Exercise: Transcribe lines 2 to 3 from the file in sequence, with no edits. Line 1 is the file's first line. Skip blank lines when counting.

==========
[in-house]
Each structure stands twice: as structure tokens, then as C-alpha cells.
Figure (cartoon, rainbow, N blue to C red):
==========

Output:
Each structure stands twice: as structure tokens, then as C-alpha cells.
Figure (cartoon, rainbow, N blue to C red):